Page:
Fix of The Week 11/25/19
Fix of The Week
Every week we’re posting our favorite head-scratchers and interesting mechanical issues submitted by our Direct-Hit customers.
For a chance to have something you’ve worked on appear as a Fix of the Week, and win a cool little prize for your shop, all you have to do is post your unique fixes in Direct-Hit. Just look up the vehicle you’re working on, click on Post Fix at the top right, then tell us the problem and what you did to fix it.
This Week’s Winners
On this edition of Fix of The Week: two check engine lights and a blown cigarette lighter fuse.
2009 Cadillac CTS – Kartunes Automotive Limited
This vehicle’s check engine light was on with code P0507 – Idle Speed High – Automatic Transmission.
I checked for external vacuum leaks but found none. Next, I removed the air inlet tube to inspect the throttle body (with the engine running) and could hear excessive vacuum from the breather hose. I removed the PCV orifice and found both holes had been drilled out. The customer said he read online that this will prevent oil from building up in the air intake tube and keep the engine “cleaner.“ I replaced the PCV orifice and the engine ran normally.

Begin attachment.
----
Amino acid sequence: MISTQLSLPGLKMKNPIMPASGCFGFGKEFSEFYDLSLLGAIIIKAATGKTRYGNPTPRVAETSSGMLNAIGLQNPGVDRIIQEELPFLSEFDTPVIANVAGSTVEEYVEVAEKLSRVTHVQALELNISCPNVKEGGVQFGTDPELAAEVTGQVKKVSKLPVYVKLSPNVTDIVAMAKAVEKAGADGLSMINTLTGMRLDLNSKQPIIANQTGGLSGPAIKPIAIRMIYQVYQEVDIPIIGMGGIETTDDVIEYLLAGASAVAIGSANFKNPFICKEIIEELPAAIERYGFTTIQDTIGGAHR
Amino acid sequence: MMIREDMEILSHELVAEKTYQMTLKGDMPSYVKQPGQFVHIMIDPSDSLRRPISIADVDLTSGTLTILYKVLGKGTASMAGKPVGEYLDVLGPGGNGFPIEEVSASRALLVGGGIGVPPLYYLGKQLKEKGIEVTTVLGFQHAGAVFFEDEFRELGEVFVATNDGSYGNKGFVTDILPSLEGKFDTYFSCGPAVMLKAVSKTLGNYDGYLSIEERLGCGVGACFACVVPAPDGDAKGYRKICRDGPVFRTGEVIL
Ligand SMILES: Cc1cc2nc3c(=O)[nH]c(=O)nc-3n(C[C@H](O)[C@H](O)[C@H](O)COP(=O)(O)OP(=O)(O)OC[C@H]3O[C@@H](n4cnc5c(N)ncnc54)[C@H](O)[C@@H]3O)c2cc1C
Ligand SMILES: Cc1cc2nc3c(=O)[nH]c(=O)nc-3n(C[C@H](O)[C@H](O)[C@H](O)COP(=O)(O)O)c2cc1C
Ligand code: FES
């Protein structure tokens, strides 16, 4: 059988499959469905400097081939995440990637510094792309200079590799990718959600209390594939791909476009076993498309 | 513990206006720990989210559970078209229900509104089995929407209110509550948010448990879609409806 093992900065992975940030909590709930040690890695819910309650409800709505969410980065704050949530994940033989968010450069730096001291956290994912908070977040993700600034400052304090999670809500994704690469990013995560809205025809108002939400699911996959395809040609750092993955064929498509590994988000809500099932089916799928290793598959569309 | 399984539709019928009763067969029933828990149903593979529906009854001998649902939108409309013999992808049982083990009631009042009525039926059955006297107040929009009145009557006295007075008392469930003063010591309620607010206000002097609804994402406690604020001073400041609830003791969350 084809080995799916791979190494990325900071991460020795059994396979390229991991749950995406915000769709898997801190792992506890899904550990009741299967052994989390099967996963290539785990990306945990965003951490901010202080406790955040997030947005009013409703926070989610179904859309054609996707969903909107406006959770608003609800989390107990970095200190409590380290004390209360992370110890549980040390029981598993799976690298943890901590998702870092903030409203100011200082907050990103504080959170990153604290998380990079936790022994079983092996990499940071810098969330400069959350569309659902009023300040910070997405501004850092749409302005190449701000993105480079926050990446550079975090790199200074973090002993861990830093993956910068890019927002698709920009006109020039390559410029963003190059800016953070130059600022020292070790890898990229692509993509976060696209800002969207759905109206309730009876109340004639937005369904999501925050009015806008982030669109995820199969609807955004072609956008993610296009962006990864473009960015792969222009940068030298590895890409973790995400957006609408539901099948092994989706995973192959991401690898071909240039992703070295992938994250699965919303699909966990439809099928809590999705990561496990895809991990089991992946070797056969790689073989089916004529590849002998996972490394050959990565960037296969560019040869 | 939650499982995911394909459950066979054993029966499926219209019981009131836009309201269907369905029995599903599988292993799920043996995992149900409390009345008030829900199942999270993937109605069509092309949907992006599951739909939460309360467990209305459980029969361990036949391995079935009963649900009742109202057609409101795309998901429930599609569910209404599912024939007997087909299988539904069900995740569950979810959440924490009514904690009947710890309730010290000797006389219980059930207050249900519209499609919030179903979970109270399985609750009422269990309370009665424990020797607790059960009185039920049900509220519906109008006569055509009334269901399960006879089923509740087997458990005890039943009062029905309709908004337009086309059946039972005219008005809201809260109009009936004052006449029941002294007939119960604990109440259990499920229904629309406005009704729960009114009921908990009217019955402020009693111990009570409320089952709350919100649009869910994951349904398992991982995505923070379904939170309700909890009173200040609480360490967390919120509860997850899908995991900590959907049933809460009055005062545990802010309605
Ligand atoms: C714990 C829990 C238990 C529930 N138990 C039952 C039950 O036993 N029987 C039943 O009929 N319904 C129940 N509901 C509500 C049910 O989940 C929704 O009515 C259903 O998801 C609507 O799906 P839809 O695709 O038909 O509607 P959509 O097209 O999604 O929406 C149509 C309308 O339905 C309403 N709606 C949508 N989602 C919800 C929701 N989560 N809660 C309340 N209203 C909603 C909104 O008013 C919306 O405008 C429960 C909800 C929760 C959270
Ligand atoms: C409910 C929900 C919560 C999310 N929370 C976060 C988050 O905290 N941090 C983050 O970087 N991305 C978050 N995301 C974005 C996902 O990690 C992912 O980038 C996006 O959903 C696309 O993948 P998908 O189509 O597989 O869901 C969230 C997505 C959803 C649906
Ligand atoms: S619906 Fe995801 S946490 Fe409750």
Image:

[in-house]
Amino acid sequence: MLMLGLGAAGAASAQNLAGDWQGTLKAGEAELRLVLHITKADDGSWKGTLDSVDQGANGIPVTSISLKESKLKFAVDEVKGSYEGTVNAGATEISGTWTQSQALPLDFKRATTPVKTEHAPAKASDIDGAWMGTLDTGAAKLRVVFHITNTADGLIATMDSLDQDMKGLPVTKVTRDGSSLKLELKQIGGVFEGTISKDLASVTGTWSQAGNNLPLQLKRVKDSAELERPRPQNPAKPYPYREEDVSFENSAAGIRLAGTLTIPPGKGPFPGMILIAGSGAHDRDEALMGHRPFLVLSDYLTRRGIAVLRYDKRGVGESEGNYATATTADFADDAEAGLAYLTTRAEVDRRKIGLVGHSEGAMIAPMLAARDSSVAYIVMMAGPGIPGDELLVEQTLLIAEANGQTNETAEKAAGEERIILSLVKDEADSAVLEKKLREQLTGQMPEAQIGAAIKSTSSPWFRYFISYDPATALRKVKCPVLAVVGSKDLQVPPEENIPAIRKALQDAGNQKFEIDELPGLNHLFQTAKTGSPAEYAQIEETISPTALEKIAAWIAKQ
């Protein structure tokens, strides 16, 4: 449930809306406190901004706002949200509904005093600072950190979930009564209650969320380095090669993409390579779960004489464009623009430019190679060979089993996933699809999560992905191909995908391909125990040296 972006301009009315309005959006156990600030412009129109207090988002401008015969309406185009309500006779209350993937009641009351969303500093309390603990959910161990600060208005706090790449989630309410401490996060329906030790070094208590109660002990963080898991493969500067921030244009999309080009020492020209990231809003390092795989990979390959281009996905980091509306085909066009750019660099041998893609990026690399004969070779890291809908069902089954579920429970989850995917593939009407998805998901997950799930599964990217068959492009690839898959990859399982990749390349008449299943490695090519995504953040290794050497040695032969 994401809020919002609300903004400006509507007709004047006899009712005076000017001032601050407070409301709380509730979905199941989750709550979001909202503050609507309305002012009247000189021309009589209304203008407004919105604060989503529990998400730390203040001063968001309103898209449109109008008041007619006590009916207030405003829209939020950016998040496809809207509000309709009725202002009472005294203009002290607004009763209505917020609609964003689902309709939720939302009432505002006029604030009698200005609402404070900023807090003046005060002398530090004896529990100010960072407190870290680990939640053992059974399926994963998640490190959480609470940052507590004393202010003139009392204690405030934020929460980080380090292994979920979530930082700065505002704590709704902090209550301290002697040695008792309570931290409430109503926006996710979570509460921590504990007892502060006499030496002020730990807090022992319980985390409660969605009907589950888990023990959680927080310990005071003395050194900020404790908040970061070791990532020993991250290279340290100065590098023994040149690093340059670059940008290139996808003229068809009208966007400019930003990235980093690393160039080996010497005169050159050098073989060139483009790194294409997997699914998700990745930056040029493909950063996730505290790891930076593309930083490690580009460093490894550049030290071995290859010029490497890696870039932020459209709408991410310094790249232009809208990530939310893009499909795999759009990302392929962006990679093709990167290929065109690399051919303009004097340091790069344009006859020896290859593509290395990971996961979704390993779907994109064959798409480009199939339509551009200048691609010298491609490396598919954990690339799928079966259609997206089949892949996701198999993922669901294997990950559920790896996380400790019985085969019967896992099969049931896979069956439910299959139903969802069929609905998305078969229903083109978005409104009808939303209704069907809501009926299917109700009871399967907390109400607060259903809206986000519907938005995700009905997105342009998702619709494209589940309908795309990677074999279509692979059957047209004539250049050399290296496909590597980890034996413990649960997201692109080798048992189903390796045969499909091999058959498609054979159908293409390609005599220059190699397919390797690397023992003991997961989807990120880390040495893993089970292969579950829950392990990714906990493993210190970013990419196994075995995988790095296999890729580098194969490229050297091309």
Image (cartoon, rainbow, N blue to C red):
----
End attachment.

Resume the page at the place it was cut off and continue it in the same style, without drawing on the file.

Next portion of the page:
2010 Hyundai Genesis Coupe – Midas
This vehicle’s check engine light was on with codes P2187 & P2189 – fuel system lean at idle both banks. I found the long term fuel trim to be +20 on both banks at idle. It was normal off idle. I smoke tested intake and didn’t find any leaks. Since the data was screaming vacuum leak, I sprayed carb cleaner around the vacuum components. When the carb cleaner hit where the master meets the booster, the trims shot down to -30. The master cylinder had just been replaced and the sealing o-ring was omitted upon installation. The reason no smoke was seen is because the one–way check valve is built into this booster, making eliminating it during smoke testing impossible. I installed a new o-ring between the master cylinder body and booster.
2005 GMC Sierra 1500 – Market Street Auto Repair & Muffler
The 15 amp cigarette lighter fuse in the vehicle’s power distribution center would blow even after a new fuse was installed. I found there was no communication at the data link connector. I checked for a short to ground at the PDC cigarette lighter 15 amp fuse and determined it had shorted. I lifted up the PDC and snipped one of the two orange wires underneath. I eliminated the DLC short on the cigarette lighter side of that fuse and the battery voltage was then restored at pin 16 of the DLC. Communication was restored. I then ran a new power wire from the PDC to the cigarette lighter and restored that function as well. Problem solved.